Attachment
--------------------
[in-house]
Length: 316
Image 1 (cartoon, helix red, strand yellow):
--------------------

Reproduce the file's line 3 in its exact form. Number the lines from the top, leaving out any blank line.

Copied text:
Image 1 (cartoon, helix red, strand yellow):